You might find yourself enslaved by expecting the law work for you. Our law-consciousness have taken us prisoners to crave for what we deserve ‘” our rights. We were intimidated by what we believe will work for our best interest ‘” the law. At the same, by trying to earn your rights, you declare yourself as victim and the law as your protector. Even when you’re set free from your abuser or lousy husband, can you really enjoy the aftermath?

Your Grace Bite: I am the afflicted and God is my solicitor.

The good news is, Jesus died to law to redeem us who have been taken prisoner by law-conscious mindset. Thus we have been set free to experience our rightful heritage in Christ through His death. You can tell for sure that you are now fully adopted as God’s own children because God sent the Spirit of his Son into our lives crying out, “Papa! Father!” Doesn’t that privilege of intimate conversation with God make it plain that you are not a slave, but a child? Not a slave of the law-conscious mindset, but a child of grace. And if you are a child, you’re also an heir, with complete access to the inheritance ‘” your real rights.

So, how do we assert our real rights? What is my rights as a child of The Most High? If we look into my case, I thought I deserve a good husband, from whom I expect to be loved, nourished and taken care for. When it was true that I wanted to be loved, my source of fulfillment was wrong ‘” a good husband. The truth is, having a good husband was not my real rights. My real rights is to be loved. Who is able to love you more than Jesus who died for you? Once you receive His love, then your rights are fulfilled. Then your husband loves you, because the rights has made you who you are ‘” the beloved. Besides, your behaviors will be rightful with who you are in Christ, behaviors that make obvious you are loved, nourished and taken care for.

But Grace, why is it so difficult to receive God’s love? Discern this: God gives the afflicted their rights.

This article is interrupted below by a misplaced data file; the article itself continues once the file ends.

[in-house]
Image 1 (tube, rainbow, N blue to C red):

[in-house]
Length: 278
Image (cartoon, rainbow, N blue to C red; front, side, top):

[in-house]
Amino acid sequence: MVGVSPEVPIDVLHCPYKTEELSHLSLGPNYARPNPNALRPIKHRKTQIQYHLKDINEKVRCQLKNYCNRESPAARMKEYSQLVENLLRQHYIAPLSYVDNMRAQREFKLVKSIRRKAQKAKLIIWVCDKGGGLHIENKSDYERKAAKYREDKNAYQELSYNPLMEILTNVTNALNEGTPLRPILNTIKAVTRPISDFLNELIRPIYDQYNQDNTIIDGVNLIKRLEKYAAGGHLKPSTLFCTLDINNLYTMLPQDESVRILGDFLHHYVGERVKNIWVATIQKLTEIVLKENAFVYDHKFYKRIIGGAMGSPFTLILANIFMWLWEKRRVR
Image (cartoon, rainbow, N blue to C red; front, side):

Only when I laid down myself before God as the afflicted and not as the deserved, He gives my rights. As the afflicted, you position yourself as the broken-hearted who needs Him. You have heard that God makes close friends with the broken-hearted, haven’t you? He grieved with me in my sorrow for not being loved. He felt my pain. He indentified with me as the afflicted. I can feel His love healing my wounded-heart. Soothing my pain. And His resurrection power raising me up from the pit. He defended my cause as the weak and the oppressed. He spoke to the abuse power to leave me once and for all. He made me His righteous and I was able to get through the suffering in Him who strengthened me.

By knowing your rights as the afflicted, the wounded, the weak, the oppressed, but also the beloved, the defendant, the lifted up, the freed and the righteous, they are fulfilled by His grace in Christ Jesus.

Indepth Reflection:

Many of us have been suffering because of trying to get our rights from other people. In what suffering have you been today because of asserting your rights? Does asserting your rights this way help you? What is it you’re trying to get anyway?

Our suffering makes us who we are. What does it make you before God? What does it make God before you? What rights does it give you?

What Jesus had been through on earth to identify with you? What His resurrection power will do to fulfill your rights as the righteous?

Lord, this is me, the …………………and you are my ……………… I know that you, God, are on the side of victims, that you care for the rights of the needy. Today my soul is in need of ……………………….. I laid down my life before you, knowing that your grace is sufficient for me. Teach me to be humble by giving up what I think I deserve and receiving Who I Am in Christ. Only by letting your grace to fill me in, I can be completed in Christ Jesus. Thank you for your grace, O Lord, I receive it in Jesus Name.